Writing Buddha was a departure from your more familiar territory in the Abrahamic faiths. Why did you take on the project? Because I had always been very interested in the Buddha. My sister has been a Buddhist for over thirty years, so it is in the family, as it were. But when I wrote A History of God, even though I dwelt on the monotheisms, I was astonished to find how “Buddhist” many of them are. The common Western view of a personalized deity, a Supreme Being, a literal creator figure, is really a very primitive, bowdlerized development - a symbol of the decline in religious understanding that has been growing apace in the West since the scientific revolution. As I explained in The Battle for God, we have developed a purely literal understanding of scripture, and cannot think mythically anymore. But the most eminent Jewish, Christian, and Muslim theologians always maintained that God was not another being, that it was better to say that God did not exist, because our concept of existence was far too limited to apply to God. That it was better to call God Nothing. He - a ridiculous pronoun - was not the Supreme Being, was not a being at all, but something entirely other. And Greek Orthodox Christians see Jesus in a way that is very similar to the way Buddhists revere the Buddha, the Enlightened Man, something that we can all be, even in this life. And doctrines like the Trinity were devised in part to remind Christians that it is impossible to think about God as a simple personality. So there was nothing strange for me about Buddhism. It is very close to the best forms of monotheism.

 

Buddhism, too, is rooted in the Axial Age, yet for Western Buddhists like Tricycle readers, much of its appeal seems to be that it offers a new way of being religious. What do you make of this seeming contradiction? I think this ties up with my last answer. I think many people find that the personalized God does not work. They are often wearied by excessive doctrinal claims, and want a religion of practice. They are also sickened by the religious intolerance of some of the monotheisms. So Buddhism seems “new,” but of course the monotheisms themselves are religions of practice, and the Western insistence on dogma (which is very different from the Greek and Russian Orthodox approaches) is a very peculiar development. Buddhism seems new only because people in the West have lost an understanding of what the Western religious traditions were really trying to say.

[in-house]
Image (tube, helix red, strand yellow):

In A History of God you call the French scientist and theologian Blaise Pascal “the first modern.” He was the first to recognize that in the scientific age the existence of God could not be taken for granted and that faith was, therefore, a matter of personal choice. How is Pascal’s religious dilemma our own? How is it different? Voluntarism is an essentially modern development. Earlier, it was impossible to live outside a religious tradition. I show this in the first chapter of The Battle for God. Now religion is optional, a matter of personal choice. We can shop around and find a tradition that suits us, in a way that would have been impossible in the premodern world. Pascal also felt pure dread when he contemplated the cosmos, which seemed empty of religious significance. But in recent years, some physicists seem to be developing a new kind of religious discourse when they contemplate the immensity of the universe. They talk mythologically - the Big Bang, Black Holes - and, like the mystic, force us to face the darkness of uncreated reality. Like the best theology, this discourse makes us realize that we have come to the end of what thoughts and words can do, and pitches us into what mystics used to call “the cloud of unknowing.” I think that there is now less dread in modern “unbelief” than there was in Pascal’s day. Instead, there’s a tired weariness and ennui. Which is just as dangerous because it leads directly to nihilism, where nothing much matters anymore.